Scarlett Fever Pediatric Care Plan

By David Shafran, MD
Medically reviewed
December 14, 2020

What is Scarlett Fever?

Scarlett fever is strep throat with a bumpy, ‘sandpapery’ rash. It is caused by the same bacteria that causes strep pharyngitis and is therefore diagnosed and treated in exactly the same way.

The rash usually starts in the armpit and the groin and then spreads to the rest of the body. It tends to show up most in skin folds such as the elbow creases and the groin. Your child might also have pale skin around the mouth and a ‘strawberry tongue.’

The diagnosis can only be made after your child’s throat has been swabbed to ensure antibiotics are not administered unnecessarily. Sometimes, the rash of Scarlett Fever can be itchy but it will go away on its own with the help of antibiotic treatment.

How to Treat Scarlett Fever

Just like strep throat, scarlett fever is treated with antibiotics for 7 to 10 days. The rash usually gets better on its own. If it’s not itchy, then you don’t need to put anything on the rash. 

If the rash is itchy:

  • You can apply an unscented moisturizing cream like Aveno or Eucerin. It’s best to do this after a warm bath while the skin is tsill damp.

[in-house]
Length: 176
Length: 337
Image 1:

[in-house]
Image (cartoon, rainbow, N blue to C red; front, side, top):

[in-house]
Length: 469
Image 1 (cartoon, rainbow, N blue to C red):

• You can apply an over-the-counter 1% hydrocortisone cream up to 3 times per day to the itchy areas.

Note: It is normal for your child’s skin to peel as the rash is getting better especially on the palms of the hand and the soles of the feet. 

Additional supportive care for fever and a sore throat include:

  • Tylenol or ibuprofen
  • Sucking candies
  • Cool or cold foods such as ice cream or popsicles
  • Salt water gargles

When can my child return to school?

  • Once they no longer have a fever even if the rash is still present
  • The rash is not spreading or is starting to go away
  • The rash didn’t come from measles or chickenpox. In this case you must get clearance from your child’s primary care provider

Check in with K if…

  • You have general questions about your child’s condition
  • You want general followup for your child
  • You have questions about supportive care
  • Your child’s symptoms don’t go away after treatment but are not alarming

See a doctor in person if…

  • Your child’s pain becomes severe
  • Symptoms last for more than 5 to 7 days
  • Your child has difficulty swallowing or is drooling excessively
  • You think your child needs to be seen
  • Your child isn’t drinking enough to stay hydrated
  • Your child has blood in their urine
K Health articles are all written and reviewed by MDs, PhDs, NPs, or PharmDs and are for informational purposes only. This information does not constitute and should not be relied on for professional medical advice. Always talk to your doctor about the risks and benefits of any treatment.

David Shafran, MD

Dr. Shafran is a board-certified pediatrics physician. He joins K Health from the Cleveland Clinic, where he led a pediatrics practice and completed a fellowship in transplant ethics. He has completed multiple fellowships, including one in pediatric nephrology at Rainbow, Babies & Children's University Hospitals. He received his medical degree from the Sackler School of Medicine in Tel Aviv and completed his medical residency at the Jacobi Medical Center.